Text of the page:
Tuesday, October 19, 2010

Brookhaven National Laboratory -- Genetic Link to Alcohol Response

A year ago I attended an event with other science writers at the Brookhaven National Laboratory. Since then I have been getting emails about new discoveries and developments.  A few days ago I received one about how genetics affects reaction to alcohol. Specifically,
dopamine receptor deficiency leads to significant brain changes in response to drinking. Two genetic variants of mice were used to compare the brain's response to long-term alcohol drinking in two genetic variants of mice. One strain was genetically normal, and another lacked the gene for dopamine D2 receptor, the brain's "feel good" chemical, that produces feelings of pleasure and reward. In the dopamine-receptor-deficient mice (but not the genetically normal strain), long-term alcohol drinking resulted in significant biochemical changes in areas of the brain well know to be involved in alcoholism and addiction. The scientists were interested in the dopamine system research, which  suggests that deficiency in dopamine D2 receptors may make people (and animals) less able to experience ordinary pleasures and therefore more vulnerable to alcoholism, drug abuse, and gluttony. The scientists were able to breed mice deficient in the D2 gene. Each of the groups were divided in half: One-half had water, while the other half had a solution of 20% ethanol to simulate heavy drinking.

The scientists observed the levels of brain receptor cannabinoid type1 (CB1) after six months in the four groups of mice. These receptors are located near dopamine receptors and are known to influence dopamine receptors and alcohol consumption and addiction. The water-drinking mice without D2 receptors had increased levels of CB1 receptors in brain regions associated with addiction, compared with water-drinking normal control animals. Thanos explained that this may indicate that D2 receptors inhibit the growth of CB1 receptor gene. However, in the mice with D2 receptors which ingested ethanol, this possible effect was negated: These mice had about half the CB1 levels compared to the D2-deficient water drinkers.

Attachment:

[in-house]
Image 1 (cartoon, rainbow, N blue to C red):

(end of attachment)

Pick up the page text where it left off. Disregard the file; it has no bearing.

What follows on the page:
In 2005, Houchi et al. had found that CB1 knockout mice had an overexpression of D2 receptor. This increase in humans may decrease their desire for alcohol. The study was published in Neuropsychopharmacology. Thanos said:  "This down-regulation of CB1 after alcohol intake in the D2-deficient animals could underlie the lower reinforcing effects of ethanol in these mice," he added. In other words, fewer CB1 receptors may eventually increase D2 receptors, which may steer humans away from desiring a lot of alcohol.

This was an example of an epigenetics sutdy. The alcohol is the environmental factor influencing existing genetics. The main researcher, Panayiotis Thanos Ph.D., will conduct future studies with female mice to see if gender changes results.

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